Tomas Chamorro-Premuzic, an expert on talent management and people analytics, believes that “what it takes to get the job is not just different from, but also the reverse of, what it takes to do the job well.” In an article published in Harvard Business Review, he cautions women against emulating male traits rather than embracing their own strengths.
In his view, the reason behind the underrepresentation of women in management is because displays of confidence are often misinterpreted as signs of competence. The problem, he writes, is that “arrogance and overconfidence are inversely related to leadership talent — the ability to build and maintain high-performing teams, and to inspire followers to set aside their selfish agendas in order to work for the common interest of the group.”
He also cites a study showing that female managers are “more likely to elicit respect and pride from their followers, communicate their vision effectively, empower and mentor subordinates, and approach problem-solving in a more flexible and creative way (all characteristics of “transformational leadership”), as well as fairly reward direct reports.”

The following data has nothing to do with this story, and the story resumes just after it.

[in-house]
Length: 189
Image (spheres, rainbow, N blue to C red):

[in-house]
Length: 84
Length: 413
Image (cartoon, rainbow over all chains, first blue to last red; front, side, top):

Chamorro-Premuzic is the CEO of Hogan Assessment Systems, a Professor of Business Psychology at University College London, and a faculty member at Columbia University. He is the author of numerous books and articles, which can be found here.
Other interesting articles in HBR’s Women in Leadership Series include: